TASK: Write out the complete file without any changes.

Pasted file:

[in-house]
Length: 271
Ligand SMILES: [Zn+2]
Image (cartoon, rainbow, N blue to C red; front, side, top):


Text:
[in-house]
Length: 271
Ligand SMILES: [Zn+2]
Image (cartoon, rainbow, N blue to C red; front, side, top):